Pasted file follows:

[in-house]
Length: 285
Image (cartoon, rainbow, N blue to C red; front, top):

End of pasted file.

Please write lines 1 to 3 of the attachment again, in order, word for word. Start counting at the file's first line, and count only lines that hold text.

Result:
[in-house]
Length: 285
Image (cartoon, rainbow, N blue to C red; front, top):